New information on how waste eating bacteria can digest complex carbons and may aid against plastic pollution

April 29, 2023 | Microbiology Lab

In a new study, the common environmental bacterium, Comamonas testosteroni, was found to potentially become nature’s plastic recycling center, following the determination of its ability to digest what is indigestible.

Contrary to most bacteria preferring sugars as their food source, C. testosteroni was observed to have a natural appetite for complex waste from plants and plastics. Commonly found in soil and water, scientist discovered that these bacteria not only has the natural ability to digest synthetic material like laundry detergents but are also capable of breaking down compounds from plastic and lignin.

Such findings are drawn from the study at Northwestern University led by Professor Ludmilla Aristilde, Ph.D., who believes that bacteria with natural abilities to digest plastics hold more promise in large-scale recycling in the future.

“We found that the metabolism of C. testosteroni is regulated on different levels, and those levels are integrated. The power of microbiology is amazing and could play an important role in establishing a circular economy.”, says Aristilde.

To study how C. testosteroni degrades complex forms of carbon, the team looked into multiple forms of “omics”-based analysis, that is:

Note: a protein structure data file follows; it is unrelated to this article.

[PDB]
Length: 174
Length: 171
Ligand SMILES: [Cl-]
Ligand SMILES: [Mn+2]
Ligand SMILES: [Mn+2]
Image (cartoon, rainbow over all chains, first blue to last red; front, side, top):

• transcriptomics (study of RNA molecules)

  • proteomics (study of proteins)

  • metabolomics (study of metabolites)

  • fluxomics (study of metabolic reactions)

Aristilde and the team mapped the metabolic pathways that the bacteria use to break down plastic and lignin compounds into carbons for food, to examine the relationship among their analysis.  

Their findings include the discovery of the bacteria first degrade the ring of carbons in each compound which allows them to continue degrading the rest of the compound into shorter fragments.

“We started with a plastic or lignin compound that has seven or eight carbons linked together through a core six-carbon circular shape forming the so-called benzene ring,” Aristilde explained. “Then, they break that apart into shorter chains that have three or four carbons. In the process, the bacteria feed those broken-down products into their natural metabolism, so they can make amino acids or DNA to help them grow.”

Finally, Aristilde also discovered that the bacteria can direct carbon through various metabolic routes which lead to useful by-products that may be used for industrially relevant polymers.

At present, their research is focused on investigating further the metabolism that triggers polymer biosynthesis in C. testosteroni.

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